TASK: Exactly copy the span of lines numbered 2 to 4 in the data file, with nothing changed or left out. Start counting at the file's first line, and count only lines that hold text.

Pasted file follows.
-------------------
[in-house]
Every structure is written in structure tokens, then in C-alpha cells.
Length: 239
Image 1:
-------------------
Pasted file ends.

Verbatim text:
Every structure is written in structure tokens, then in C-alpha cells.
Length: 239
Image 1: